- As the name implies, a credit analyst determines the approximate financial health of a prospective loan applicant. In the modern economy, the entire system runs on credit, so determining who is in a position to pay their loans back and who is not is essential to keeping the financial world in working order. If you want to become a credit analyst, you need to go through The National Association of Credit Management. This organization offers the Credit Business Associate designation for applicants who finish three college–level financial accounting courses, financial statements, and business credit as well as a certification exam. After five years of business experience, you can also take the test for the Risk Management Associations Credit Risk Certification.
- Finance Officer/Loan Officer
- Opportunities for finance/loan officers reached a fever pitch during the height of the subprime mortgage bubble. Nevertheless, there is still a substantial need for loan officers, and becoming a loan officer yields an unusually high paying job for a modest amount of education. Typically, finance or loan officers have a bachelor’s degree in finance and ample on–the–job training. It takes 20 hours of coursework, as well as passing both an exam and background/credit checks, in order to become certified. Officers must renew their license annually, and sometimes states establish additional requirements. Also, certain groups, such as the American Bankers Association and the Mortgage Bankers Association, offer additional training. Though this training is not required, it is greatly encouraged and may open further career opportunities.
- Financial Advisor
- In one sense, anyone can give financial advice. However, if you want anyone to listen to it, you will need some credentials. Although financial advisors may need a variety of certifications depending on what products they wish to sell, the most obvious path to respectability runs through the Certified Financial Planner Board of Standards. They offer the Certified Financial Planner (CFP) certification. You will need a bachelor’s degree in finance and three years of relevant experience. You’ll also need to sit for the comprehensive CFP certification examination and pass the CFP Board’s Fitness Standards for Candidates and Professionals Eligible for Reinstatement.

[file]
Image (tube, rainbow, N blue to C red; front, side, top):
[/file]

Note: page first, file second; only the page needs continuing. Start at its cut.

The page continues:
To get your certification, check out The 20 Best Online Certified Financial Planning (CFP) Programs.
- Financial Analyst
- The Financial Industry Regulatory Authority (FINRA), the same licensing organization that governs securities, requires licenses for many financial analysts. Unlike many of the other sub–branches of the financial industry, most licenses relevant to this field require sponsorship by your employer. Thus, most people will get their feet wet in the industry before thinking about becoming an analyst.
- Investment Banker
- If you want to be an investment banker, you will need to register as a representative of the bank you work for with the Financial Industry Regulatory Authority (FINRA). Investment bankers need to pass an examination in order to qualify. They can also acquire voluntary certifications such as the Chartered Financial Analyst (CFA) from the CFA Institute.
What Can You Do with a Finance Degree?
If you are asking yourself, “What can I do with a finance degree?” there are plenty of options. Finance is a field in which you can help others achieve their life goals while potentially earning a substantial paycheck yourself. A finance degree can act as a doorway to a wide spectrum of lucrative positions that offer substantial career advancement opportunities. Some possible business and finance careers include:
- Accountants and Auditors
- Appraisers and Assessors of Real Estate
- Budget Analysts
- Claims Adjusters, Appraisers, Examiners, and Investigators
- Cost Estimators
- Financial Analysts
- Financial Clerks
- Human Resources Specialists
- Insurance Underwriters
- Loan Officers
- Management Analysts
- Market Research Analysts
- Meeting, Convention, and Events Planners
- Operations Research Analysts
- Personal Financial Advisors
- Purchasing Managers, Buyers and Purchasing Agents
- Various Managerial Careers
While this list is not exhaustive, it provides a launching pad for your exploration of the jobs you can obtain with a finance degree.
What Kind of Salary Can You Earn With a Finance Degree?
Of course, no one can predict how much you stand to make in finance with absolute certainty. However, the data available from the Bureau of Labor Statistics provides a useful starting point for some of the leading finance professions, with a look at median annual salaries as of 2018:
|Bookkeeping, Accounting, and Auditing Clerks||$40,240|
|Tax Examiners and Collectors, and Revenue Agents||$54,440|
|Accountants and Auditors||$70,500|
|Personal Financial Advisors||$88,890|
Source: Bureau of Labor Statistics
Are There Professional Finance Associations or Societies You Should Join?
Since finance is such a broad field with so many extremely specific niches, you will have to select the professional organizations that best match your interests. The following list is a good place to begin searching for networking opportunities, but feel free to look for more specialized organizations as your interests mature:
- Association for Financial Professionals
- Society of Financial Service Professionals
- American Association of Finance and Accounting
- American Bankers Association
- The American Finance Association (AFA)
- American Institute of Certified Public Accountants (AICPA)
- American Society of Women Accountants (ASWA)
- The Association of Accountants and Financial Professionals in Business (IMA)
- International Federation of Accountants (IFAC)
- National Association of Black Accountants
- Professional Accounting Society of America (PASA)